Sun, only a few inches taller than Tauk, easily more than a foot shorter than Alstars, stepped over and stood on the other side of Alstars from Tauk. After staring with them at the back of the clear boards, he turned and shouted up to deck 2: "Salek!"

The engineering director, Lt. Moon Sun Salek, stepped out of the navigation/deflector control room at the front of deck 2 and looked down over the railing to the main engineering deck, two decks below. "You don't have to shout, Hui - it came through my communicator…"
"Salek," said Sun, "would you come down here and look at this, please? Bring Gaia with you."

Dr. Moon turned to the still open door into navigation/deflector control and said, "Gaia, Hui wants us on the floor." She straddled the ladder and slid down straight through the access for deck one to the main engineering floor, followed by 2nd Lt. Gaia Gamor, who climbed down the traditional way almost as quickly. They walked over to the other officers and stood next to 2nd Lt. Sun.

After a minute of gazing at the jumble of numbers and operands in reverse from the backside of the clear boards, Dr. Moon called for the ship's interactive holographic avatar: "Hunter…"

The holographic old man appeared next to her.

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For another few minutes, six mathematicians stood in a row, just looking at the pile of equations, most of them fragments, from behind. Dr. Sun, Dr. Alstars, Dr. Tauk, Dr. Gamor and Dr. Moon, almost in unison, slowly tilted their heads to the left at a 45 degree angle. Hunter, on noticing this odd behavior, mimicked it a few moments later.

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"Hunter," said Dr. Moon, "what are we looking at?"

"A set of interrelated, interactive equations expressed in base 12," the pudgy, elderly-looking avatar replied.

"Actually," Hunter continued, "Unless I'm mistaken, I think it's…"

Alstars finished his sentence: "The solution. Give me another clear board…"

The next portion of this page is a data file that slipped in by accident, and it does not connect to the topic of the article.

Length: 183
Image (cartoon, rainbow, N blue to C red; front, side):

Another holographic clear dry-erase board appeared between the mathematicians and the original sets of equations. With one great stride of his long legs, Dr. Alstars stepped forward. He held out his left hand: "Marker…"

A holographic marker appeared in the old mathematician's hand. He quickly and deftly sketched out a very simple equation in base 12.

"That's it!" said Hunter. "That's what I've been trying to come up with all year! We can run controlled tests to confirm, but if you're right…"

"We can safely get the entire Prowler class of ships, all 46 of them, into recursive warp without needing artificial intelligence," said Dr. Moon. "And just when we have never needed a critical strategic advantage more…"

"But it's such a simple equation…" Dr. Sun objected.

"Elegant," said Tauk, "simple in terms, but nearly impossible to come by. It took all that," he waved his hand at the gibberish they had all been looking at, "all that and more to bring this epiphany to Dr. Alstars. Hundreds of thousands, probably millions of mathematicians have been looking for this simple equation and didn't find it."

"Most of those mathematicians weren't working in base 12," Dr. Sun observed.

"I didn't know I was working in base 12 until Tauk pointed it out," said Alstars.

Gaia Gamor turned toward Dr. Moon. "Weren't all those math equations we found in the library of the progenitors in base 12?"

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Moon turned toward Alstars. "Geoff, do me a favor…"

"Sure," said Alstars. "What?"

"You know those math treatises that Dr. Carrera downloaded from the library of the progenitors?"

"Yes?"

"Don't ever read them. You're easily as smart as Sarekson and I don't want you to wander off at a right angle to reality and vanish on me. I'd like to keep you around for awhile…"

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16.18